Class Description

Create magic using Adobe® Photoshop® by compositing people, pets, and objects to appear as if they are defying gravity. In this class, Bret Malley will walk through techniques on capturing an image of the object you want to use and how to piece it together in Photoshop® so it appears realistic. He'll go through the entire process from start to finish so that you can create compositing magic using photography, Adobe Photoshop, and your own imagination.



Software Used: Adobe Photoshop CC 2017

Reviews

Molly B
 

I agree a bit with Eric Burke's review (which was a thumbs down), however, I feel like this is neither a thumbs up or thumbs down recommendation, more like a 3 to 3.5 star rating. :) That said, I agree that there was so much talking and not doing in the initial portion of the class sections. I feel like when there is a class offered for Compositing, much of the science people want to know is in the editing tips and tricks AND some of the shooting tips and tricks. Photography of the subjects is important to understand, but examples of live shooting should be kept fairly minimal. Aaron Nace still nails the science behind planning and shooting for composites and also rocks in the editing (in my opinion). Brooke Shaden is also a good example on the editing details. I feel like Bret had something different to bring to the table from the class preview with puppet warp and some of the cutting / masking tips... I agree that all the editing portions of this were super rushed and just touched on a lot of last comments of "oh isn't this neat" and no in-depth instruction on how that feature is used. I just felt like he really ran out of time. At the end he talked about re-shooting the dog, perhaps he could have gone in to puppet warp to change the lower legs and tail a bit as an effort to make it look more like his sketch? Bret seems likable, but does continuously talk about side stories and extra noise that seems could be more focused on the topic at hand. :) I still picked up some tips, but this would be more ideal bought on a sale rather than full price. :) I have a lot of photoshop knowledge and own some other composite classes on CL, so I don't feel too lacking, but this would not be for a very beginner of compositing. I wouldn't mind seeing Bret back with a more refined class structure focusing on the magic of puppet warp and other tricks to get the most out of compositing.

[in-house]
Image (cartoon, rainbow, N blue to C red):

s
 

Had a good time with this course! Bret is a great instructor, you can really tell he enjoys his work and has a lot of fun engaging the audience. I've done some compositing in the past but with a much older version of PS. This course really helped me take advantage of the new features in PS CC and also helped streamline my workflow. It's a course that both experienced and beginner compositors alike can learn from. A big thanks to Bret Malley and CreativeLive for making this course!